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NPF Goes Against Creation of State Police

BREAKING: Tinubu Appoints Kayode Egbetokun Acting Police Inspector-General
DIG Kayode Egbetokun, Acting Police Inspector-General

The Nigeria Police Force (NPF) is against the creation of state police, stating that the country is not yet prepared for such a system.

During a discussion on state policing, Inspector General of Police (IGP) Kayode Egbetokun argued that police could increase ethnic tensions and lead to divided loyalties within states.

AIG Ben Okolo, representing Egbetokun, further explained that implementing state police would create multiple command structures, complicating law enforcement efforts.

Also, there are concerns that state governors could misuse their authority over state police for personal or political gain, risking abuses of power and human rights violations.

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Egbetokun added that state governments lack the funding and infrastructure necessary to support the kind of policing needed at the national level.

Instead of creating a separate state police force, he suggested combining the Nigeria Security and Civil Defence Corps with the Federal Road Safety Commission to create a new department within the NPF.

The IGP stressed the importance of recruiting 30,000 police officers every year to meet modern policing standards set by the UN, alongside increasing the annual budget allocated to the police force.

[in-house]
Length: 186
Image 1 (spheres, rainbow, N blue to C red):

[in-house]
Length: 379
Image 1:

In February, state governors endorsed the creation of state police due to increasing cases of insecurity nationwide.

The resolution was reached between governors in a meeting with President Bola Ahmed Tinubu on Thursday, February 15, 2024, in Abuja.

Following the meeting, the Minister of Information and National Orientation, Mohammed Idris, said the FG and the governors agreed on the necessity of state policing. He added that more meetings would be held to discuss the modalities of achieving the idea.

Subsequently, the House of Representatives deliberated on the State Police Act, which passed its second reading the following week after Tinubu met with state governors.

Hon Benjamin Kalu and 12 others sponsored the bill. According to Kalu, the bill emerged as a necessary response to several calls for a decentralized and community-oriented approach to law enforcement.

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